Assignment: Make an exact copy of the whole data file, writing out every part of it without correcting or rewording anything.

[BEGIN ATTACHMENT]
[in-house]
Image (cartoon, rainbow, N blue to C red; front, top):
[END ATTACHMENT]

[in-house]
Image (cartoon, rainbow, N blue to C red; front, top):